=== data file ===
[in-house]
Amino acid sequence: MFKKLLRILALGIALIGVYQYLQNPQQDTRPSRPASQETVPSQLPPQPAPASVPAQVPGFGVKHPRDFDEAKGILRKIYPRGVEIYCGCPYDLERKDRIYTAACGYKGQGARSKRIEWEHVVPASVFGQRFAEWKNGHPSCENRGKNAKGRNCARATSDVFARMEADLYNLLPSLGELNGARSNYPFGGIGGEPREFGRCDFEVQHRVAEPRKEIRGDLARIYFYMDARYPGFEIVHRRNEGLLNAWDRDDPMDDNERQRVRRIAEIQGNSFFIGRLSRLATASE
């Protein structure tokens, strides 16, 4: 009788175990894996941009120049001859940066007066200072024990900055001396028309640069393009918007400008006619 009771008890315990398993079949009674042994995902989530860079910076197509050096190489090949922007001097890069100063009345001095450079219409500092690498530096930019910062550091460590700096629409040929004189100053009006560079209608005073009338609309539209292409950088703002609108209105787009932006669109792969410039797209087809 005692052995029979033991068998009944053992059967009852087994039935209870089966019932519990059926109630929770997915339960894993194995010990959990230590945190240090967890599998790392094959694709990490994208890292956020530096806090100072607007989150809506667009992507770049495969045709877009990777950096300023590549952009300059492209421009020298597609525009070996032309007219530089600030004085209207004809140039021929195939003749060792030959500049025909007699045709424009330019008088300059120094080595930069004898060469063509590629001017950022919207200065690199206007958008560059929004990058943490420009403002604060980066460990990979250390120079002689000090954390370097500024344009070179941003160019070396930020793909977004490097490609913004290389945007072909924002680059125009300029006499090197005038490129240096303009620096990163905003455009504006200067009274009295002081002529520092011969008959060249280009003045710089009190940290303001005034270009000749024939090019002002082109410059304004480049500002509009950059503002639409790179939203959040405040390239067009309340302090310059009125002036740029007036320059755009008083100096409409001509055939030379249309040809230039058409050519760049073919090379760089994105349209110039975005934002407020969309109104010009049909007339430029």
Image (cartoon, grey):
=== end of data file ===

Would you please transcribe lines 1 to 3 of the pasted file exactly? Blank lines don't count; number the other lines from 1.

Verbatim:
[in-house]
Amino acid sequence: MFKKLLRILALGIALIGVYQYLQNPQQDTRPSRPASQETVPSQLPPQPAPASVPAQVPGFGVKHPRDFDEAKGILRKIYPRGVEIYCGCPYDLERKDRIYTAACGYKGQGARSKRIEWEHVVPASVFGQRFAEWKNGHPSCENRGKNAKGRNCARATSDVFARMEADLYNLLPSLGELNGARSNYPFGGIGGEPREFGRCDFEVQHRVAEPRKEIRGDLARIYFYMDARYPGFEIVHRRNEGLLNAWDRDDPMDDNERQRVRRIAEIQGNSFFIGRLSRLATASE
């Protein structure tokens, strides 16, 4: 009788175990894996941009120049001859940066007066200072024990900055001396028309640069393009918007400008006619 009771008890315990398993079949009674042994995902989530860079910076197509050096190489090949922007001097890069100063009345001095450079219409500092690498530096930019910062550091460590700096629409040929004189100053009006560079209608005073009338609309539209292409950088703002609108209105787009932006669109792969410039797209087809 005692052995029979033991068998009944053992059967009852087994039935209870089966019932519990059926109630929770997915339960894993194995010990959990230590945190240090967890599998790392094959694709990490994208890292956020530096806090100072607007989150809506667009992507770049495969045709877009990777950096300023590549952009300059492209421009020298597609525009070996032309007219530089600030004085209207004809140039021929195939003749060792030959500049025909007699045709424009330019008088300059120094080595930069004898060469063509590629001017950022919207200065690199206007958008560059929004990058943490420009403002604060980066460990990979250390120079002689000090954390370097500024344009070179941003160019070396930020793909977004490097490609913004290389945007072909924002680059125009300029006499090197005038490129240096303009620096990163905003455009504006200067009274009295002081002529520092011969008959060249280009003045710089009190940290303001005034270009000749024939090019002002082109410059304004480049500002509009950059503002639409790179939203959040405040390239067009309340302090310059009125002036740029007036320059755009008083100096409409001509055939030379249309040809230039058409050519760049073919090379760089994105349209110039975005934002407020969309109104010009049909007339430029």